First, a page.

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Solaris – an ecological building design

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Located within Fusionopolis at Singapore’s One-North, Solaris is an award-winning building that demonstrates possibilities in ecological building design. The building comprises two tower blocks separated by a large naturally-ventilated atrium linked by a series of sky bridges. With an innovative vertical green concept, it incorporates extensive eco-infrastructure and sustainable design features.

The key architectural element is the uninterrupted 1.5km long ecological armature which starts from the ground at the adjacent one-north Park, spiralling up and wrapping around the facade and culminating at the summit of the cascading roof-gardens of the building. The continuity of the landscaping is a key component of the project’s ecological design concept. The landscape ramp, with deep overhangs and lush greenery, is the main element for ambient cooling of the building. Where the spiralling armature meets the ground, the Eco-cell brings daylight and natural ventilation into the car parks below via the landscape shaft. The lowest level of the Eco-cell houses the primary storage tank for the rainwater harvesting system which is capable of irrigating all the plants in the building. A solar light shaft which cuts diagonally through the South Tower brings in daylight to the inner areas of the building which are remote from external windows. The building’s overall energy consumption represents a reduction of over 36% compared to local precedents.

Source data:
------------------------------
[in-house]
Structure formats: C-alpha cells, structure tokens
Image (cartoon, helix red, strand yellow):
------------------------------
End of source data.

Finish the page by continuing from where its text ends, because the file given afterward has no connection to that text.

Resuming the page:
Solaris strives to retain the site’s existing ecosystems, rather than replace them. Attempts have been made to achieve natural ventilation at the common areas such as the Art Atrium, stairs, lobbies, sky bridges and toilets. The facade design, which is a sensitive response to the climate, originated with the analysis of the sun-path. Facade studies analysing the solar-path determined the shape and depth of the sunshade louvers. The louvers, which also double up as light-shelves, ‘rise’ at strategic locations to reveal high-volume entrances and sky terraces.

Source: worldarchitecturenews.com


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